I read this article by the New York Times about the skills Google looks for in their candidates. Here's what I thought about whether I was preparing my students for a job in the classroom and my feelings on the philosophies expressed in the article more generally:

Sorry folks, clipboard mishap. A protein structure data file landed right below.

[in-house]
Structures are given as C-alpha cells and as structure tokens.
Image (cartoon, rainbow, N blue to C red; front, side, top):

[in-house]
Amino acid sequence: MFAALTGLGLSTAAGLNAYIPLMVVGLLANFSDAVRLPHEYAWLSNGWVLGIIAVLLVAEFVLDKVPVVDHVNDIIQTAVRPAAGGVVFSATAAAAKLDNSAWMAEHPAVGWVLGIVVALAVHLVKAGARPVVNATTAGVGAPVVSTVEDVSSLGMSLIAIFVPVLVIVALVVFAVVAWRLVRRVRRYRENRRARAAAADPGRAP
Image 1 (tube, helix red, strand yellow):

I really enjoyed this article and I’m now thinking how I can better prepare students to get a job at Google. I work to get students to think about things in different perspectives a lot. I say, “how would you feel if you were ___ in this situation? And what about if you were _____?” This speaks to the “pulling info from various sources.” I agree with their basic philosophies, although some of the skills seem very difficult to teach in class. I agree that teaching ownership is important, and this can be done easily. I would give students challenging work, but allow them choice among different projects. With this, they complete something that they wanted to do, and they can be proud of the result, as opposed to: “here are some questions you’ll need to answer by the end of the unit.” They would not be proud nor take ownership in that. I hadn’t considered how to teach leadership before. I use a lot of group projects in my classroom, and I assumed students would learn leadership naturally from this setup. However, I realize that this may not be true, as particular students may always end up being the leader. In my class, I would have to assign students roles to ensure that all students get a chance to be the leader. The last good skill the article mentions is knowing when to back down, and when to be assertive. I’ve always wanted to organize a debate or socratic seminar and this is an optimal way to have students know to back down or be assertive. If the opposing side in the debate has some fact they didn't know, like the article mentions, then they may back down. Or they may press on. In any case, it’s great mental exercise for them and they are building their cognitive abilities, making them better suited for working at Google.